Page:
Montelukast, a leukotriene receptor antagonist, reduces the concentration of leukotrienes in the respiratory tract of children with persistent asthma

Benjamin Volovitz, Elvan Tabachnik, Moshe Nussinovitch, Biana Shtaif, Hanna Blau, Irit Gil-Ad, Abraham Weizman, Itzhak Varsano

Research output: Contribution to journalArticlepeer-review

Abstract

Background: Leukotrienes are bronchoactive mediators secreted by inflammatory cells in the respiratory mucosa on exposure to asthma triggers. Objective: We investigated the effect of montelukast, a leukotriene receptor antagonist, on the release of leukotrienes in the respiratory mucosa of children with persistent asthma. Method: Twenty-three children aged 6 to 11 years with moderately severe asthma were treated in a cross-over design starting, after a 2-week run in period, with either montelukast (n = 12) or cromolyn (n = 11) for 4 weeks with a 2-week washout period between treatments. Twelve of them were then treated with either montelukast or beclomethasone for 6 months. The use of β2-agonists was recorded on a diary card. The concentration of leukotriene C4 (LTC4) was measured by HPLC in nasal washes obtained before and at the end of each treatment period. Eosinophilic cationic protein (ECP) was measured in the nasal washes by RIA. Results: The LTC4 concentration significantly decreased in the children treated for the first 4 weeks with montelukast, from 5.03 ± 1.17 to 1.42 ± 0.33 ng/mL (P < .005), and a nonsignificant increase was noted in children treated with cromolyn, from 3.37 ± 1.11 to 5.88 ± 2.17 ng/mL (P = .17). ECP concentration also decreased in the children receiving montelukast (P = .12). The concentration of LTC4 remained low after 3 and 6 months of treatment with montelukast (0.8 ± 0.7 and 1.0 ± 0.3 μg/mL) and was lower than with beclomethasone. Children treated with montelukast required significantly fewer β2-agonists (P < .04). Conclusion: Montelukast reduces the concentration of leukotrienes in the respiratory tract of children with persistent asthma parallel to reduction in ECP and clinical improvement. This effect was not observed when the same children were treated with cromolyn.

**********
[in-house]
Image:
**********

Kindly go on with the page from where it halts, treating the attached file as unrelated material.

Original languageEnglish
Pages (from-to)1162-1167
Number of pages6
JournalJournal of Allergy and Clinical Immunology
Volume104
Issue number6
DOIs
StatePublished - 1999

Keywords

  • Asthma
  • Children
  • Leukotriene modifiers
  • Leukotrienes
  • Montelukast
  • Nasal washes

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